Benu

by Kyle Kepulis

“Come to me in my dreams, and then

By day I shall be well again!

For then the night will more than pay

The hopeless longing of the day.”

-“Longing” by Matthew Arnold

There’s a certain dream I’ve had since childhood. I don’t dream it every night, but whenever I do I feel home again in an odd sort of way. It’s a friend, a companion I’ve had ever since I can remember. It reminds me of who I am, where I come from. It’s almost like a piece of me. But after I dream it I always wake up in a chilled sweat.

In the dream I’m young again, riding through the black forests of Denmark on my old horse Sleipnir. He races us through the underbrush, kicking up clods of earth and grass and flinging them in our wake. I feel like I’m flying.

A piercing light blinds my senses. I stretch my hand out in front of my eyes to protect my vision from the bright glow. The luminescence finally dims, and I lower my arm, fearful of what it will reveal.

I look upon a wing. The most radiant wing I have ever set eyes upon. It is a brilliant and breath-taking amber gold. Then the color swirls and changes. It morphs into a deep purple-blue.

Then the wing unfurls itself, revealing a solitary eye hiding behind it. The eye mists over, damp and wet. The iris flickers, and stares petulantly.

My hands shake. I feel my bow and arrow at my side. Sleipnir neighs nervously and lightly stamps the earth with his foot.

I draw my weapon. My hand shakes even more. I can barely hold on to the bow and arrow. But finally the arrow slips through my hands and races towards the heart of the creature. There is an earth-shattering shriek. Feathers flood the air, and a red mist permeates the glade.

I find myself on the forest floor. Sleipnir is beside me, sniffing my face anxiously. I look up at where the creature once was.

It is gone.

And that’s when I wake up.

London, 1864

The powerful steps rose up before me, cold and unwelcoming as they always were. It didn’t seem possible that they could eventually lead up to such a great building. My polished boots clicked on the warm marble, and I adjusted my hat as I came before the looming expanse of the museum. The sun seemed to be burning down that day. The first droplets of sweat appeared on my brow as I took hold of the entryway door handle and entered the sanctity of the cool, richly ornate lobby.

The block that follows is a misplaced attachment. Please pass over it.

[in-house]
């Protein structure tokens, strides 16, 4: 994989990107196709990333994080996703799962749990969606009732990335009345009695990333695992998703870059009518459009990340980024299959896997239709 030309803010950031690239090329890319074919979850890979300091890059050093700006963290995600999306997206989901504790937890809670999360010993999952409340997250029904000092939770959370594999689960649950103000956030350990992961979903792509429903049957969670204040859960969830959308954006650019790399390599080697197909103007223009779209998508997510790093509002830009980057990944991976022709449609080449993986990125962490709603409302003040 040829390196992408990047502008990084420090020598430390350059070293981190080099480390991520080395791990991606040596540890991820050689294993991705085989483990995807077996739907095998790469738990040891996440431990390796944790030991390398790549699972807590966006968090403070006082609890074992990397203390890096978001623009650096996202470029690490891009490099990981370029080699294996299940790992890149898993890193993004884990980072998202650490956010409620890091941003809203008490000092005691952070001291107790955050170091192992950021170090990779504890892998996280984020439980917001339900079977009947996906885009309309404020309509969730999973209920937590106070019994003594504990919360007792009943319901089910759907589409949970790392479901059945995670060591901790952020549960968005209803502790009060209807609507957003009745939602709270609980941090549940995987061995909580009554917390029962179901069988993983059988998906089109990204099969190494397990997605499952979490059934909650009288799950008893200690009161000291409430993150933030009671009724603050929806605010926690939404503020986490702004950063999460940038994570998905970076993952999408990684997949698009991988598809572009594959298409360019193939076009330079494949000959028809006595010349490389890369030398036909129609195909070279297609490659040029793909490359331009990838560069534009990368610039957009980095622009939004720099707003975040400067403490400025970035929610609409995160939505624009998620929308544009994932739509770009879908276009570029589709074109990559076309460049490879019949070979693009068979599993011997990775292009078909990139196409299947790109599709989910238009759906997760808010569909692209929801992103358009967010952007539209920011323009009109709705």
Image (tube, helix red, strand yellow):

The first sound I heard was the cloyingly jovial tinkling of that blasted fountain. Why they put the damn thing in a museum of natural history I’d never know. It’s always seemed like an extravagance to me, something to keep the rich visitors happy, a kind of aesthetic addition that seemed unsuited to the surroundings.

Settees and armchairs littered the room as they always did, and the check-in desk sat uncomfortably opposite the front door I had just entered.

I took off my hat, stifled my breath, and started to cross the lobby towards my office in the east wing until I was stopped by Mr. Percel, the desk clerk. The man always came across as a stuffed penguin to me, who had clasped the top button of his suit too tightly, so he constantly had the expression of strangulation on his face. He appeared now just as red and puffy as ever.

“Excuse me, Mr. Aren,” he said in his anguished little voice. “Mr. Blackwell wishes to see you immediately.”

“Ah yes, I almost expected as much. I can just imagine what he has to say to me.”

“That’s none of my business, sir. I’m just meant to bring you to his office.”

“Yes, alright then, let’s get it done with.”

With this I motioned for him to lead the way, and we quickly started off down an adjacent corridor. I followed after, trying to calm my slight nerves and regain a calmer composure.

Percel showed me into Mr. Blackwell’s rather large but offensively nondescript office. It contained a leviathan-sized desk and a mismatched petite armchair which always cowered behind it.

“Please be seated, Mr. Aren,” were Percel’s only words before exiting hastily from the room.

I looked around at the place I had just been shuffled into, the place I remembered so clearly from my first interview for my position at the museum. It seemed unchanged from that time. The walls were bleak and bare. A lone window seemed to scale the wall behind the desk, stretching its arms out as high as possible in effort to escape from this imprisoning atmosphere. There was no excessiveness apparent in the room at all. This had always puzzled me. I though surely the curate of a museum would have more imagination than what lay before me.

My thoughts were interrupted by another person entering the room – the eminent Mr. Blackwell.

I rose from my seat and extended my hand.

“Mr. Blackwell.”

“Mr. Aren. It’s good to see you. How are you? Please, sit down.”

I did.

“I’m doing fine, Mr. Blackwell. As well as can be expected, I suppose, considering . . . “   My voice trailed off, unsure of what to say next.

“Yes, yes, of course.” Mr. Blackwell looked down at his desk, obviously searching for something to say that might be hidden within its depths. “That’s actually what I’ve brought you here to talk about.”

I studied for a moment the face of the man who was my employer.